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Working with indigenous peoples to advance their rights

Graphic: Talking and listening

Supporting national human rights institutions to work more effectively with indigenous communities is the focus of a new APF blended learning course.


Supporting national human rights institutions to work more effectively with indigenous communities to promote and protect their human rights is the focus of a new APF blended learning course.

The course, which began in March, includes representatives from the NHRIs of Australia, India, Malaysia, Myanmar, Nepal, Sri Lanka and Thailand.

"Indigenous peoples are among the most marginalised and vulnerable groups in countries across our region," said Kieren Fitzpatrick, Director of the APF secretariat.

"That places a responsibility squarely on the shoulders of NHRIs to work in collaboration with indigenous communities to tackle the pressing human rights issues facing them."

Mr Fitzpatrick said that many APF members had undertaken ground breaking work to promote and protect the rights of indigenous peoples, such as recent national inquiries conducted by the NHRIs of Malaysia and Indonesia on indigenous peoples' right to land.

"This training course will draw on practical examples such as these to identify how NHRIs can better work with and advocate for the rights of indigenous peoples," he said.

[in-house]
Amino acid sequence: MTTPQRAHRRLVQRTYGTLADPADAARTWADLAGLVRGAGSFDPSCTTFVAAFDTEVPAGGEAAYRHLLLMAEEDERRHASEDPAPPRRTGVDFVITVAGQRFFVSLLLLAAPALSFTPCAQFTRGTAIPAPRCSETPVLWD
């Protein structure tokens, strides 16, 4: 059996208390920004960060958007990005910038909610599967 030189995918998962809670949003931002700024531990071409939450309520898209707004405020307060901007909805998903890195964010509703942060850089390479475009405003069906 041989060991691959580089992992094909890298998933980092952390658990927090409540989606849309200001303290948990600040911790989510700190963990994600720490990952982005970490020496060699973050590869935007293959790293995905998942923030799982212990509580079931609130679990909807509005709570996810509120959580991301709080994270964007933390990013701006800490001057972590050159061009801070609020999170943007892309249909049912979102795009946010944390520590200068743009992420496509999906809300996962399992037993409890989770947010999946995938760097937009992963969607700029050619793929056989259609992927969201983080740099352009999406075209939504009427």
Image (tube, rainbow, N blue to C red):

The course, which includes four weeks of online learning and discussions (23 March-19 April 2015), will examine the rights set out in the United Nations Declaration on the Rights of Indigenous Peoples, as well as the key principles of self-determination; participation in decision-making; respect for and protection of culture; and equality and non-discrimination.

It will also look at the ways in which NHRIs can use their education, complaint handling, advisory and investigation functions to promote and protect the rights of indigenous peoples, along with using the international human rights system to promote the Declaration and its implementation at the country level.

Participants who successfully complete the online course will attend a face-to-face workshop in Dhaka, from 4-8 May 2015, hosted by the National Human Rights Commission of Bangladesh.

As part of the workshop, participants will develop a set of practical "action points" to promote and protect the rights of indigenous peoples, for implementation by their respective NHRIs.

The course will be led by Andy Gargett from the Australian Human Rights Commission, in partnership with Samia Slimane from the Indigenous Peoples and Minorities Section of the Office of the United Nations High Commissioner for Human Rights (OHCHR) and Desigin Thulkanam from the New Zealand Human Rights Commission.

It will draw on information and case studies in United Nations Declaration on the Rights of Indigenous Peoples: A Manual for National Human Rights Institutions, published in 2013 by the APF and OHCHR.

The APF has also developed a suite of video resources to complement the manual, featuring interviews with NHRI representatives, indigenous people and leading international experts.

Date: 21 April 2015


Image credits

  1. Talking and listening - Human Rights Commission of Malaysia